Structuring the Environment
Where you choose to talk, sitting or standing, who we sit next to. Can be used to set warm tone, or a authoritative tone.
Ingnoring harmless, attention seeking behavior withholds the reinforcement a child gets from our attention. Praise for a child for appropriate behavior.
Signalling a child to begin a behavior or stop an inappropriate behavior can be done verbally (statement) or non-verbally (a look or glance).
Affection helps increase self-esteem. When behavior is coming from insecurity, frustration, fear, or anger, a simple “shot” of affection or caring may be all it takes to change a behavior.
When we know that a child is not able to begin or complete a task without some assistance, we can provide the assistance to get over the first hurdle.
Moving to and standing near a youth that is acting out can create a calming affect and extinguish a negative behavior.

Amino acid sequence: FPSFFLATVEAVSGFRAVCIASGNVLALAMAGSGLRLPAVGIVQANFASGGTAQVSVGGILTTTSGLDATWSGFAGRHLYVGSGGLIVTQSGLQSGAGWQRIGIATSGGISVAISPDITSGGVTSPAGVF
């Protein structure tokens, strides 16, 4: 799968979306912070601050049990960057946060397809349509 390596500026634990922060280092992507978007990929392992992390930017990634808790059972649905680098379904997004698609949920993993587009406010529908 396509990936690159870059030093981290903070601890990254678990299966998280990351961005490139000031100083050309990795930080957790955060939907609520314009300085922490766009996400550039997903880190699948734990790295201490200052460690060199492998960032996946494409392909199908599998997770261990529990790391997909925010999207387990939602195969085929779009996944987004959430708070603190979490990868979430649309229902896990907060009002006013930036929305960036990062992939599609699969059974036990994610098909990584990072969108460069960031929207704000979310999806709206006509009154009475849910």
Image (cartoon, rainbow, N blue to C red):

Making eye contact with an acting out youth or a simple head shake will sometimes change or stop a behavior. A nod or a smile will also reinforce a positive behavior.
Redirecting a child or group or changing an activity a little may be enough to change behavior. Diverting the child’s behavior and energy can de-escalate a situation.
As negative behavior escalates, rational decision making decreases. Directive statements tell a child in specific terms what is expected.
Requiring children to go to a quiet, nutruel area when upset and over-stimulated can help calm them down.